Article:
Let me tell you something that you’re not going to like to hear: inventory levels aren’t going to increase significantly any time soon.
Sellers are stuck in a conundrum. They’re locked into glorious mortgages with interest rates around 3%, and the consequence of selling and moving means jumping into a new mortgage with an interest rate that’s more than double what they are currently paying.
For many, that means they quite literally can’t afford to move. For others, that means the crippling reality of doubling their mortgage payment.
The US inventory crisis isn’t going to correct itself until consumer mortgage rates drop down to a tolerable level. So, keep your eye on inflation and the Federal Reserve and make your own opinions on how banks will value their risk.
Why Does Bank Risk Tolerance Matter?
Home mortgage rates aren’t solely driven by the Fed’s rate. Banks pad in additional interest charges to cover their calculated risk for issuing the loan. This portion of interest rates is commonly called “the spread.”
The spread is the reason why we were seeing consumer mortgages hit 7% when the Fed’s rate was still at 3%. As banks become more confident in the direction the Fed is taking its rate, they are shrinking the spread.
But mortgages remain high, and those 2020 interest rates aren’t coming back anytime soon. Which means potential sellers are stuck, and inventory levels remain extraordinarily low.
There’s More Inventory Than You Think
I can tell you that as of the writing of this article (May 2023), there are just 29 homes listed for sale on the MLS in my hometown of Atherton, California. But that doesn’t mean that there aren’t more properties available for sale.
In the real estate industry, there exists a practice known as "off-market" or "pocket listings." These listings have long been a part of the residential real estate industry, but today they are gaining in popularity, especially in the luxury real estate sector.
In this real estate climate, you can expect as many as 30% more homes that are sitting off the MLS but which are also available for sale. So buyers, if you’re not finding the right property by browsing online, it’s time to talk to your real estate agent about off-market opportunities. These listings present an opportunity for interested buyers to access an exclusive range of properties beyond what is publicly advertised.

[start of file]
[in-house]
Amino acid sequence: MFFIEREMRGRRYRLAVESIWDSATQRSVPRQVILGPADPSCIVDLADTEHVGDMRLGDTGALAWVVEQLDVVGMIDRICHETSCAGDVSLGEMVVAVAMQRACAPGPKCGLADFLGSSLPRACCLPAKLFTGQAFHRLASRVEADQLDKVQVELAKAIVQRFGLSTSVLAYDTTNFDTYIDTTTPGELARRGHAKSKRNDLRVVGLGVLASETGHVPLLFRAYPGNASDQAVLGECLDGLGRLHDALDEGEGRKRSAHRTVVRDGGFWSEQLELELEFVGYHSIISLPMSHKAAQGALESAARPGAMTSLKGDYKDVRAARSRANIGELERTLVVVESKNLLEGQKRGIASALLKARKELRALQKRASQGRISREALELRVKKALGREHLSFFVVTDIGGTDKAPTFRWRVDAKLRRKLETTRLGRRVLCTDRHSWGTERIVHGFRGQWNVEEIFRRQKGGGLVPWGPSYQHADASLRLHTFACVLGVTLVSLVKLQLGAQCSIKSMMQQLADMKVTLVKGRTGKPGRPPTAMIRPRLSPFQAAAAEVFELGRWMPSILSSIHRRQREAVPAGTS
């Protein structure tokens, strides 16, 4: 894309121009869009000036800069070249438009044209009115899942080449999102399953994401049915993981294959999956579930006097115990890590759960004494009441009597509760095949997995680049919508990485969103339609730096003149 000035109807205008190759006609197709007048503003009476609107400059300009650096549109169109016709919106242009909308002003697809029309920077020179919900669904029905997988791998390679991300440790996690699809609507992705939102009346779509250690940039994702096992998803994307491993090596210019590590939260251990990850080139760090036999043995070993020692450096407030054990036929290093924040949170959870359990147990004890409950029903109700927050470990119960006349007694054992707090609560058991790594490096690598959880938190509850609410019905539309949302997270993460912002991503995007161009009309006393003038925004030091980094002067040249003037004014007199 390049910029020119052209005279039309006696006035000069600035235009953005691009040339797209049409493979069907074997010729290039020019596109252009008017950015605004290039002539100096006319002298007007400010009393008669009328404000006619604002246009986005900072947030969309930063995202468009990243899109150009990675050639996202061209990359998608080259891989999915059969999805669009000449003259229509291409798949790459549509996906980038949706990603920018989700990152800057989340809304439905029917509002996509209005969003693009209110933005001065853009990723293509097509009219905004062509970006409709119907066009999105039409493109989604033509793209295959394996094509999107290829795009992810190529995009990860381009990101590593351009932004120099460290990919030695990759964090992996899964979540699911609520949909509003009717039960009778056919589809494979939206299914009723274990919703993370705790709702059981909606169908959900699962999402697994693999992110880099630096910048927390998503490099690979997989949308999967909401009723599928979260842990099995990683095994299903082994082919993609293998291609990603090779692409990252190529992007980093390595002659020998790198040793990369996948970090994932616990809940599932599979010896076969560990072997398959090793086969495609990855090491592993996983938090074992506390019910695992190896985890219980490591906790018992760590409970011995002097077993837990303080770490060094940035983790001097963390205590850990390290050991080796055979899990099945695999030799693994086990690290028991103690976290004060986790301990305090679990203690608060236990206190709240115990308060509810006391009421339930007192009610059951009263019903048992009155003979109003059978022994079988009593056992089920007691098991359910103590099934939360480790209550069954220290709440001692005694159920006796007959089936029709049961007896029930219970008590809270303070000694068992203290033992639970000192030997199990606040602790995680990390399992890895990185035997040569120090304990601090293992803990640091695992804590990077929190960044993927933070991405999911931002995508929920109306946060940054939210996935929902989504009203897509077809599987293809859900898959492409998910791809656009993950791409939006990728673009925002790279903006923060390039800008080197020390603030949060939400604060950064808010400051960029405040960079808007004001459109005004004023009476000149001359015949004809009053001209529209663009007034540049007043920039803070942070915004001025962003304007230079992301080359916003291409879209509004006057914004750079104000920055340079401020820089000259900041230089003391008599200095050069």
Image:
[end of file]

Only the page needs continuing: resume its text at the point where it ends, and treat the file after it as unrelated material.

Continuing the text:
But there’s a catch. Because of their nature, off-market listings aren’t advertised. Agents rely on their professional network to draw in the right buyers. So buyers who don’t have a well-connected real estate agent are going to remain in the dark.
In today’s unprecedented real estate market, your buyer’s agent has never been more important.
What Benefits Do Sellers Get By Listing Off-Market?
The shift to off-market listings might seem counterintuitive in a seller’s market, but upon closer inspection, this new trend is driven by a multitude of strategic advantages.
If you’re a seller who isn’t under a time crunch, then listing off-market might seem like the more attractive option. These sellers benefit from:
- Increased Privacy.
The high level of privacy is by far the number one reason sellers opt for off-market listings.
Luxury home sellers highly value their privacy. Listing on the MLS requires publicly published home interior photos, videos, and an address. Particularly for high-profile clients, maintaining confidentiality is paramount. These sellers want to avoid unwanted attention and prying eyes, which listing off-market allows them.
- More Control Over the Sales Process.
Listing off-market puts more control of the sales process into the hands of the seller. They can screen who inspects their property and when. There’s no flurry of showings or open houses that typically come hand-in-hand with public MLS listings.
- Opportunity to Test the Market.
Pricing luxury homes is hard because they are often so incredibly unique, and there are often no recent comparable sales. As agents, we can provide expert price guidance, but the market will ultimately tell us what the home should be priced at.
We use off-market listings as a way to “test the waters” without the pressure of under or over-pricing that comes along with a traditional listing. It helps sellers and their agents gauge the level of interest and get feedback on pricing without a formal launch on the open market. If the property doesn’t sell off-market, we can readjust our strategy and be better prepared to list publicly while avoiding the stigma of a stale listing.
- Create a Sense of Exclusivity.
Off-market listings inherently establish a sense of exclusivity associated with a property. Buyers often feel privileged to have the opportunity to tour a unique, unlisted opportunity that can increase desire. For luxury properties, the allure of exclusivity can be a particularly effective sales strategy.
Listing off-market isn’t the right strategy for every seller, especially for those aiming for top dollar or who have a restricted timeline. It’s slow and usually doesn’t inspire the same level of competition as the open market. But off-market listings do offer sellers the benefits of privacy and control.
Our high interest rate environment is making financing challenging for buyers and potential sellers. A market that was once a flooded river has slowed to a trickle, and it’s difficult to forecast when it will begin to flow again.
Low inventory has created a supply-demand imbalance that favors sellers, creating the perfect conditions for off-market listings to take fire. Buyers need to ask their agents about any pocket listings and push them to network with other agents. In this market, having an agent with an extensive network will be your strongest asset.